Your Road to Wellness

High glycemic index

When is it easier for your body to transfer blood glucose from a meal into your cells?

Posted by on 9:00 am Bloodsugar, Eating, Glucose, High glycemic index | 0 comments

glucose level


We know it’s better to avoid high blood glucose levels since that can cause tissue damage.

Several things can affect blood glucose levels, one important factor is the type of food we eat.


It’s logical that the food we eat will have an impact on our blood glucose level, but can it also make a difference when we eat?

Yes, it can make a difference. Research has shown that the circadian rhythm which is affected by the light cycle regulates glucose, lipid, and energy metabolism in humans (Poggiogalle E,, 2018).



We have known for many years that the body metabolizes glucose differently in the morning compared to the evening.

When the participants of this study received three oral glucose tolerance tests, one in the morning, one in the afternoon, and one in the evening on separate days, this is what the researchers found (Jarrett RJ,, 1972).

The average blood sugar levels in the afternoon and evening tests were similar, but they were both significantly higher than those in the morning test.


For somebody who already has a tendency to have high blood glucose levels, it’s even more important to take this into consideration when eating.

These researchers found that glycemic control was dramatically impaired in the evening in people with prediabetes (Sonnier T,, 2014).


glycemic index


Most people would benefit by keeping this in mind when eating.

We will usually metabolize a meal better and keep the blood glucose levels lower in the morning.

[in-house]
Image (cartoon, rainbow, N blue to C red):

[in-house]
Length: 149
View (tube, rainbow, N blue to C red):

This is one of the reasons why it’s better to eat more in the morning and less in the evening.




Jarrett RJ, Baker IA, Keen H, Oakley NW..Diurnal variation in oral glucose tolerance: blood sugar and plasma insulin levels morning, afternoon, and evening.Br Med J. 1972 Jan 22;1(5794):199-201.


Poggiogalle E, Jamshed H, Peterson CM.Circadian regulation of glucose, lipid, and energy metabolism in humans.Metabolism. 2018 Jul;84:11-27.


Sonnier T, Rood J, Gimble JM, Peterson CM.Glycemic control is impaired in the evening in prediabetes through multiple diurnal rhythms. J Diabetes Complications. 2014 Nov-Dec;28(6):836-43.

The Surprising Effect of Berries

Posted by on 11:04 am Antioxidents, Bloodsugar, Diet, High glycemic index, Tissue Recovery Blog, Weight loss | 0 comments

Fresh raspberries and blueberries in a plate, berriesIf you like berries, this research is good news for you. Berries are known for their high antioxidant content, but this study investigated the effects of berries on glucose control (Törrönon R. et al. 2013).

Researchers measured both glucose and insulin after eating white bread or rye bread – with or without berries to see if it would reduce the glucose and insulin response.

The participants, who were healthy females, consumed either white bread or rye bread. Both breads were equal to 50 grams of available starch. First, both breads were consumed without berries. Second, both breads were consumed with 150 grams of whole-berry puree. Third, at a separate time the participants also consumed the bread with one specific type of berry. The results were very interesting.